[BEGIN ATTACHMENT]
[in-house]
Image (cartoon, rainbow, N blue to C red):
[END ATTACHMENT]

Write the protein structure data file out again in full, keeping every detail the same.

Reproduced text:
[in-house]
Image (cartoon, rainbow, N blue to C red):